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Long Island School Bus Driver Sentenced in DWI Crash into Home

By Greg Cergol
|  Tuesday, Apr 30, 2013  |  Updated 8:57 AM EDT
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A Nassau County judge has sentenced a school bus driver to a year in prison for driving drunk and crashing a mini-bus with five students on board into a Syosset home. Greg Cergol reports.

NBC 4 New York

A Nassau County judge has sentenced a school bus driver to a year in prison for driving drunk and crashing a mini-bus with five students on board into a Syosset home. Greg Cergol reports.

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School Bus Driver Charged With DWI After Crash

A school bus driver who drove a bus into a Long Island home has now been charged with drunk driving. Greg Cergol reports
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A Nassau County judge has sentenced a school bus driver to a year in prison for driving drunk and crashing a mini-bus with five students on board into a Syosset home.

Frederick Flowers, 66 of Massapequa Park, pleaded guilty to drunk driving and other charges earlier this year.

Dressed in an orange jail jumpsuit, Flowers said he was "beyond sorry" for the October 2012 crash.

None of the children on the bus, all under age 10, were injured. No one was inside the home when the bus slammed into the garage.

The students were headed home from St. Edward the Confessor school, just across the street from the crash scene.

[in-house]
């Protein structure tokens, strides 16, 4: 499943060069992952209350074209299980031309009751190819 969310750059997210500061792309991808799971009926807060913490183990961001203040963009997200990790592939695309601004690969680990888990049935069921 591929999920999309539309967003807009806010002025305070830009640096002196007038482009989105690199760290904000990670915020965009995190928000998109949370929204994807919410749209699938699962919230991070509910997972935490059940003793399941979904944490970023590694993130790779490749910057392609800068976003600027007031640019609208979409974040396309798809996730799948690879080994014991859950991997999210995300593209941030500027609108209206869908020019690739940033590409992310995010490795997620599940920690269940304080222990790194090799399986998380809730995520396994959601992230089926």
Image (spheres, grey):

Despite Flowers' apology, some thought he should have been ordered to serve more time behind bars.

"It's almost like a slap on the hand. I don't think it's enough," said Christina Percell, the owner of the home damaged in the crash.

Flowers was also sentenced to five years probation and had his driver's license revoked for 18 months.

"He has spent the last months since the incident asking, 'How are the children, how are the children?'" said Flowers' lawyer, Thomas Spreer. Spreer called his client a good man who loved kids and even sang songs to them as he drove to and from school.

Prior to the sentencing, prosecutor Katie Zizza read a letter from the mother of one of the children on the bus the day of the crash.

The unidentified mother called Flowers' actions "selfish and irresponsible," and added that for a time, her child had nightmares about the crash. She asked that in the future, all bus drivers be subjected to a Breathalyzer test before getting behind the wheel.

New York lawmakers will hold a hearing at SUNY Farmingdale Thursday on how to better protect children from drunk bus drivers.

Among the proposals under consideration: outfitting all school buses with ignition interlock systems, which block vehicles from being started if the driver's breath registers alcohol.
 

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